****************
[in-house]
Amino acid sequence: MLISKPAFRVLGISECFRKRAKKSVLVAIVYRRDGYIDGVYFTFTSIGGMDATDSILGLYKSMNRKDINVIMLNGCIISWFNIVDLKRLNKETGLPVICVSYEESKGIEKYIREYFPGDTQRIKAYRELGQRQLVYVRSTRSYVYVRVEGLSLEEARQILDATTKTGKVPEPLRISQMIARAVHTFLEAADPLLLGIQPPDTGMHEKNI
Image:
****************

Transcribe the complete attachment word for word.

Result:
[in-house]
Amino acid sequence: MLISKPAFRVLGISECFRKRAKKSVLVAIVYRRDGYIDGVYFTFTSIGGMDATDSILGLYKSMNRKDINVIMLNGCIISWFNIVDLKRLNKETGLPVICVSYEESKGIEKYIREYFPGDTQRIKAYRELGQRQLVYVRSTRSYVYVRVEGLSLEEARQILDATTKTGKVPEPLRISQMIARAVHTFLEAADPLLLGIQPPDTGMHEKNI
Image: